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From the Collection of Alitash Kebede

List of Works



1. General Toussaint L 'Ouverture, 1986
2. The Capture, 1987
3. To Preserve Their Freedom, 1988
4. The Coachman, 1990
5. Contemplation, 1993
6. St. Marc, 1994
7. Strategy, 1994
8. Flotilla, 1996
9. The Burning, 1997
10. The Opener, 1997

St. Marc


The size of the prints is 32 x 22 inches either horizontal or vertical.

These prints are based on forty-one paintings from a series also entitled Toussaint L'Ouverture, which was completed in 1938 and is now in the Aaron Douglas Collection of the Amistad Research Center, New Orleans. The paintings were executed in tempera and measure 11 x 19 inches, significantly smaller in scale than the prints. Lawrence reworked many of the images during the process of translating them to silk screen. When an image has been significantly altered from the original, that fact is noted in the catalogue entry. The captions Lawrence provided for the paintings at the time of their execution accompany each of the following entries.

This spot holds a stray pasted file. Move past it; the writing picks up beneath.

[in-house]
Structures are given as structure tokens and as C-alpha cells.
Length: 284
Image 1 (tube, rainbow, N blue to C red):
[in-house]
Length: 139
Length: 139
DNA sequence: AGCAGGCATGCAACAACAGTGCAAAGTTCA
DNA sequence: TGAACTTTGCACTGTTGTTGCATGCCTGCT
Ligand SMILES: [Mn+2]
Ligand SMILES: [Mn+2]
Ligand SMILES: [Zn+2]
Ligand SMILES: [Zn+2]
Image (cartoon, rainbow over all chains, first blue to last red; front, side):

Toussaint L 'Ouverture was a leader in the Haitian revolution. Born a slave, he rose to become commander in chief of the revolutionary army. In 1800 he coordinated the effort to draw up Haiti's first democratic constitution. However, in 1802, before the Republic was firmly established, Toussaint was arrested by Napoleon Bonaparte's troops and sent to Paris, where he was imprisoned. He died in prison the following year. In 1804 Haiti became the first black Western republic.



gen1sh gen3sh